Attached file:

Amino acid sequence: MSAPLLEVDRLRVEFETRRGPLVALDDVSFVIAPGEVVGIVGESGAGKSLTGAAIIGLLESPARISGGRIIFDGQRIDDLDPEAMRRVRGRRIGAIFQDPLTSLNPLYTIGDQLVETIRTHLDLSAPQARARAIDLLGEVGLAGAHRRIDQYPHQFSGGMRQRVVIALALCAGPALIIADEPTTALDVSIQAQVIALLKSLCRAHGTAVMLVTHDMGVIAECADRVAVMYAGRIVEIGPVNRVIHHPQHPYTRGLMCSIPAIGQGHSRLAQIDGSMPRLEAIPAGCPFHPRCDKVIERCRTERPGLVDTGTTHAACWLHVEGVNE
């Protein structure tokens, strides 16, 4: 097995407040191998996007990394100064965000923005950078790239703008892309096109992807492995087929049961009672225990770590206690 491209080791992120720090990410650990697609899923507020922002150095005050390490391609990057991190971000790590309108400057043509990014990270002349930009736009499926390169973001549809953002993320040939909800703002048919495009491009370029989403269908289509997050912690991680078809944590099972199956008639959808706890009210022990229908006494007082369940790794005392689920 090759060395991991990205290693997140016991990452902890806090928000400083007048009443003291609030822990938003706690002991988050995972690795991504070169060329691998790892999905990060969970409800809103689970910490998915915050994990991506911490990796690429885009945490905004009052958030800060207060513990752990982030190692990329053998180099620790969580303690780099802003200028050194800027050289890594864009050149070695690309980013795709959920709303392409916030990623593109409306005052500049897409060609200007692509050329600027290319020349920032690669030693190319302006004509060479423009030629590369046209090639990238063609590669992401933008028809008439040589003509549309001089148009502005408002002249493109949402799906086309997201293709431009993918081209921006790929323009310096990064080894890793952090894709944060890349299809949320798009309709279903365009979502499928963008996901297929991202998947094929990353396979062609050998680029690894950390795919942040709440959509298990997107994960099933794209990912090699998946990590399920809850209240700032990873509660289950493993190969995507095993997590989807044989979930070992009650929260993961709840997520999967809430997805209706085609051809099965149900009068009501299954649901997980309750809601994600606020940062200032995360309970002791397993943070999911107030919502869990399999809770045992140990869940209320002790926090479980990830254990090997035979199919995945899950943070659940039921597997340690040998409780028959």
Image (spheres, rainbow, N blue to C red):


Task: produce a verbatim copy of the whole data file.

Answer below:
Amino acid sequence: MSAPLLEVDRLRVEFETRRGPLVALDDVSFVIAPGEVVGIVGESGAGKSLTGAAIIGLLESPARISGGRIIFDGQRIDDLDPEAMRRVRGRRIGAIFQDPLTSLNPLYTIGDQLVETIRTHLDLSAPQARARAIDLLGEVGLAGAHRRIDQYPHQFSGGMRQRVVIALALCAGPALIIADEPTTALDVSIQAQVIALLKSLCRAHGTAVMLVTHDMGVIAECADRVAVMYAGRIVEIGPVNRVIHHPQHPYTRGLMCSIPAIGQGHSRLAQIDGSMPRLEAIPAGCPFHPRCDKVIERCRTERPGLVDTGTTHAACWLHVEGVNE
């Protein structure tokens, strides 16, 4: 097995407040191998996007990394100064965000923005950078790239703008892309096109992807492995087929049961009672225990770590206690 491209080791992120720090990410650990697609899923507020922002150095005050390490391609990057991190971000790590309108400057043509990014990270002349930009736009499926390169973001549809953002993320040939909800703002048919495009491009370029989403269908289509997050912690991680078809944590099972199956008639959808706890009210022990229908006494007082369940790794005392689920 090759060395991991990205290693997140016991990452902890806090928000400083007048009443003291609030822990938003706690002991988050995972690795991504070169060329691998790892999905990060969970409800809103689970910490998915915050994990991506911490990796690429885009945490905004009052958030800060207060513990752990982030190692990329053998180099620790969580303690780099802003200028050194800027050289890594864009050149070695690309980013795709959920709303392409916030990623593109409306005052500049897409060609200007692509050329600027290319020349920032690669030693190319302006004509060479423009030629590369046209090639990238063609590669992401933008028809008439040589003509549309001089148009502005408002002249493109949402799906086309997201293709431009993918081209921006790929323009310096990064080894890793952090894709944060890349299809949320798009309709279903365009979502499928963008996901297929991202998947094929990353396979062609050998680029690894950390795919942040709440959509298990997107994960099933794209990912090699998946990590399920809850209240700032990873509660289950493993190969995507095993997590989807044989979930070992009650929260993961709840997520999967809430997805209706085609051809099965149900009068009501299954649901997980309750809601994600606020940062200032995360309970002791397993943070999911107030919502869990399999809770045992140990869940209320002790926090479980990830254990090997035979199919995945899950943070659940039921597997340690040998409780028959």
Image (spheres, rainbow, N blue to C red):